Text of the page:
The Kit Kat candy bar was introduced to the public in 1935 and has been a favorite of chocolate lovers ever since. It is distributed in the United States by the Hershey Company and everywhere else by Nestlé.
While you might know enough about the tasty treat to know you wouldn’t mind one right now, you might be unaware of these fun facts about the Kit Kat candy bar. 17.6 billion Kit Kat fingers are eaten across the world every year — the equivalent of 9,979 pieces every second.
- The largest single retail outlet for Kit Kat is Dubai Duty Free, which sells over 2,200 pounds per day.
- The Kit Kat name first appeared on a boxed assortment of chocolates that Rowntree’s made during the 1920s (they trademarked the name in 1911). The Assortment was named after an 18th century Whig literary club and had a picture of its proprietor, Christopher Catling (Kit Cat) printed on the box. In 1931, the firm decided to focus on a handful of strong brands and the Kit Cat assortment was a casualty of the decision.
- Due to a wartime milk shortages in 1942, Kit Kat temporarily changed its recipe and was sold as a plain chocolate variant in special blue wrapping.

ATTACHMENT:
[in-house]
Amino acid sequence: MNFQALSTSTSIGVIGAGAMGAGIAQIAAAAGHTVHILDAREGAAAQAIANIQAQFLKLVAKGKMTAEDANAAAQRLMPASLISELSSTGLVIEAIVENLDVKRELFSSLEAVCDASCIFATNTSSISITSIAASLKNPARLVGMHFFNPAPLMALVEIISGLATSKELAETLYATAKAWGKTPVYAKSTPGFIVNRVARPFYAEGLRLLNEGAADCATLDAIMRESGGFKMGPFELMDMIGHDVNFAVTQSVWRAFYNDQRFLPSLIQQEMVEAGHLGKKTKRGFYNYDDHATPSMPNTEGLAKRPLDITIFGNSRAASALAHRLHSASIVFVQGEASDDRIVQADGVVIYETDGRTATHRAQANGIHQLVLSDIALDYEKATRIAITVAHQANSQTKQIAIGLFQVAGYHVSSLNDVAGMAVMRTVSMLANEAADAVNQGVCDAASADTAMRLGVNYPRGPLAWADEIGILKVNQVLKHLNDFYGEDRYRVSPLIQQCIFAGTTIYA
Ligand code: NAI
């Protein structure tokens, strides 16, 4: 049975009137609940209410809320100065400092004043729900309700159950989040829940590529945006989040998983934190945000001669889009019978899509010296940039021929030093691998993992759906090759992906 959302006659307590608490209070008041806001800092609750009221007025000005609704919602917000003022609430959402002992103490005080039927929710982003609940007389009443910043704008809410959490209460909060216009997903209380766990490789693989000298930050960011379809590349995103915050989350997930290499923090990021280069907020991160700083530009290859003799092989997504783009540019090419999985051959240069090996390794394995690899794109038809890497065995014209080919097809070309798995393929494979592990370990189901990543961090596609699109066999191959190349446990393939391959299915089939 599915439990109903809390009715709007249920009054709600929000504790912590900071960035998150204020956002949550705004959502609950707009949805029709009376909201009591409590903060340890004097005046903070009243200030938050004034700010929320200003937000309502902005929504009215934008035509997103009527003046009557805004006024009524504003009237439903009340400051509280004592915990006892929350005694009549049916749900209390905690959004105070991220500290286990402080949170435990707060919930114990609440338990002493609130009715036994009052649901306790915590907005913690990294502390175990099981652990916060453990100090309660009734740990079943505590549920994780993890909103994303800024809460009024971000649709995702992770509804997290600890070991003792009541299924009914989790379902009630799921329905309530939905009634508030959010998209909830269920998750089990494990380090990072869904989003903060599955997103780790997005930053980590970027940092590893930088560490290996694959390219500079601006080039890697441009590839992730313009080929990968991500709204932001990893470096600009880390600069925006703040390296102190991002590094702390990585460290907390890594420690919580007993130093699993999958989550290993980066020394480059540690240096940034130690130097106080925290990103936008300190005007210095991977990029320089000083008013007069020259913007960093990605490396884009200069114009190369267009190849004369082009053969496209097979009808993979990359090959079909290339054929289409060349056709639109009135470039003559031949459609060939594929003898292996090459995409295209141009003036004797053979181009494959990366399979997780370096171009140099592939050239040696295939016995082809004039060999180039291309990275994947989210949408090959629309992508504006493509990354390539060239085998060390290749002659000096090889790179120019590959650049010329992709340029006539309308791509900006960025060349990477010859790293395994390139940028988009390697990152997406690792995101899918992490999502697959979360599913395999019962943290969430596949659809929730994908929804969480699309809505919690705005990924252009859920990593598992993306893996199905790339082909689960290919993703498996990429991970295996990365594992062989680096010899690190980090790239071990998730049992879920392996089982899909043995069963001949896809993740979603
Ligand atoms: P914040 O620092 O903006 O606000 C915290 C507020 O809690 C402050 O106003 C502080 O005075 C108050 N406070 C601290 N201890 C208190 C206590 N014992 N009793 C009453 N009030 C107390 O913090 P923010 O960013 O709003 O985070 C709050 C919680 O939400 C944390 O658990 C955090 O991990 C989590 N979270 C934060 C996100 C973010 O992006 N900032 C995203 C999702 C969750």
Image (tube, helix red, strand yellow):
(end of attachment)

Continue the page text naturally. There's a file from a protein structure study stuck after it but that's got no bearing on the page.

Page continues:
- In 1958 the ‘Have break, have a Kit Kat’ advertising slogan was introduced to the public.
- The 1989 Panda Kit Kat advertisement featured in Channel 4’s “100 Greatest Adverts” poll in 2000.
- Japan produces over 40 different flavours of Kit Kat, including Wasabi, Strawberry Cheesecake, Lemon, Vinegar, Cucumber, Ginger Ale, Soy Sauce, Creme Brûlée, Green Tea, Sake, and Banana.
- The Chinese version of Kit Kat is sold in a plastic bag due to the humid weather in the region.
- Every five minutes enough Kit Kats are manufactured worldwide to overshadow the Eiffel Tower. A year’s global production would stretch around the London Underground more than 350 times.
- Kit Kat is now produced in 15 countries: USA, UK, Egypt, Canada, Australia, New Zealand, Algeria, South Africa, Germany, Japan, China, Malaysia, India, Turkey, Venezuela, Spain, Mexico and Bulgaria.
- The Melbourne Central Shopping Centre in Melbourne, Australia, has a Kit Kat specialty shop that allows customers to use touch screens to craft their own Kit Kat from a selection of chocolates and ingredients which are then created for them on site while they wait.